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Birding brightens driver’s commute on I-90

The last time I had heard great-horned owls calling, I was drifting off to sleep in a tent in a British Columbia campground.

So, I was a bit perplexed as I fumbled for my car keys at the Liberty Lake park ’n ride one February evening. Plaintive refrains of “Who-who-whooooo-whooooo-whooooo” were drifting across the asphalt. They were coming from a stubby row of ornamental evergreens, where a great-horned owl was either advertising for a mate or defending its territory at the start of breeding season.

I cupped my hands around my mouth for my best owl imitation. Two owls answered back, hooting over each other.

“Love is in the air,” I thought as I drove away, picturing a pair of golden-eyed owls working on their nest, lining it with downy feathers plucked from their breasts.

I became a commuter in December, when my job transferred from The Spokesman-Review’s Coeur d’Alene office to downtown. The switch means that I spend about 90 minutes each day in a vehicle – mostly a car, sometimes a bus. Friends recommended books on tapes to make the drive go faster. I actually Googled “yoga while driving,” figuring that stretching would a good compliment to NPR broadcasts. I didn’t expect to be birding.

But the first day of the commute, I found myself watching two pairs of hawks soaring over Interstate 90. The next morning, I started counting hawks.

The “sit and pounce” predators make frequent use of light posts, utility poles and even the tall sign advertising Cabela’s above the remaining green space in Post Falls and Liberty Lake. They use their keen eyesight to track rodent activity from the high perches. I’ve had to brake to avoid hitting a hawk that swooped into the grassy median in front of my car.

“How was your commute?” a coworker asked one morning. “It was a five-hawk day!” I replied.

I keep a cheap pair of binoculars under my passenger seat for country roads, where I can safely pull onto the shoulder for bird watching. But at speeds of 70 mph, with rudimentary bird identification skills, I’m mostly guessing at the flash of feathers. A redtailed hawk, so common in the area? A rough legged hawk – an Arctic visitor commonly seen here during the winter – named for its feathered legs?

For help identifying birds visible from I-90, I turned to Dr. Kim Thorburn. The former director of the Spokane Regional Health District is an avid birder, and a member of the Washington Fish and Wildlife Commission.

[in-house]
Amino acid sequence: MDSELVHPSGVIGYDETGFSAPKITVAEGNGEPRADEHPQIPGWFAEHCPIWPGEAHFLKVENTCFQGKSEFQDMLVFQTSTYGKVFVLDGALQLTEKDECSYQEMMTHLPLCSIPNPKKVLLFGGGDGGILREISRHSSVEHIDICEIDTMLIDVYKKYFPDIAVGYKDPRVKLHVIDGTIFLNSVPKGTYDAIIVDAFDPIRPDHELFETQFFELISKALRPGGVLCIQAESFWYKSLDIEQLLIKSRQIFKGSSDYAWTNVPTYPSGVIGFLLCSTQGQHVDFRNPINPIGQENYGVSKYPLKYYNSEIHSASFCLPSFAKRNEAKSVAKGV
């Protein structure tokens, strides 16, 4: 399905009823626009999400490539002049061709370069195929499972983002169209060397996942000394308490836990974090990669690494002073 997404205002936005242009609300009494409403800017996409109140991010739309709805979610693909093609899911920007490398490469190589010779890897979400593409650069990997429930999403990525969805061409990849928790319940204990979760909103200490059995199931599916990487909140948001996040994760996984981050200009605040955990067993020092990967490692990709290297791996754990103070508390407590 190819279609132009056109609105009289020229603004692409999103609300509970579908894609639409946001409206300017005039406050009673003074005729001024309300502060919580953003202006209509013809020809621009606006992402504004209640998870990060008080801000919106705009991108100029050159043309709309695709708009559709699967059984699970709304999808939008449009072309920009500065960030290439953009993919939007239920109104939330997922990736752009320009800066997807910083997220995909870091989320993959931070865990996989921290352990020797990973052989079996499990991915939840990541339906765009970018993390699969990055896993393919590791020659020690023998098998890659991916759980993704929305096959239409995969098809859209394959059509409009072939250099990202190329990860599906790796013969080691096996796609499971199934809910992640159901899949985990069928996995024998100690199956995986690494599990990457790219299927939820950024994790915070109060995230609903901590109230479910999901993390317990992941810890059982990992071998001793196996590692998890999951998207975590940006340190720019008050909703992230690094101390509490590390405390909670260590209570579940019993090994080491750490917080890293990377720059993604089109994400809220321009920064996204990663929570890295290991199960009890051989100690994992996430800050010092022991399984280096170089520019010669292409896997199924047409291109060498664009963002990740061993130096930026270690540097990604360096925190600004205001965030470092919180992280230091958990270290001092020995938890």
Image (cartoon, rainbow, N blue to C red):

Crows and magpies are two of the most commonly seen freeway birds, she said. They’re scavengers, part of the cleanup crew for roadkill. The occasional bald eagle gliding overhead is likely looking for an easy meal, too, Thorburn said.

From time to time, I spot smaller birds of prey. Those could be American kestrels, the smallest of North American falcons, she said. They hover in the air before dropping on prey. If I was lucky enough to see one at close range, I would appreciate the male’s striking slate-blue head and wings and rust-colored back and tail, Thorburn told me.

I might also see a northern harrier, a small hawk that flies low to the ground. They hunt acoustically, and their faces are disc-shaped like an owl’s to direct sound to their ears.

Along the Spokane River at Stateline, my list of freeway birds has expanded to include belted kingfishers, herons, swallows and blackbirds, both red-winged and Brewers. I’ve also seen flocks of wild turkeys forging on the grassy hillsides alongside the freeway. I should be watching for great-horned owls in the evening, Thorburn told me, because they occupy the same habitat type as the raptors.

I still count hawks on my morning commute, but these days I’m mostly consumed with two osprey nests on platforms that are visible from I-90 – one in Washington and one in Idaho. For several weeks this spring, I watched diligent osprey parents carrying branches to the nests. Each seems to be occupied. But I haven’t seen any baby heads poking up yet, or any fish deliveries to the nests.

I’ve also taken an interest in the pigeons that live under freeway overpasses. They’re nasty birds – invasive, non-natives also known as rock doves. But the presence of pigeons has brought peregrine falcons to the area, Thorburn said.

My morning commute invariably slows near the Sprague exit, where pigeons line up on the light poles above the freeway. Some day, I’ll get lucky. I’ll be stuck in traffic, and I’ll look up to see peregrine falcon making a spectacular dive for a pigeon.

Peregrines will overtake most birds in mid-flight, the National Geographic website assures me. They’re fierce aerial predators who hunt from high above. When they plummet to their prey, the dives can reach 200 mph.

It’ll be worth being stuck in traffic to see that.

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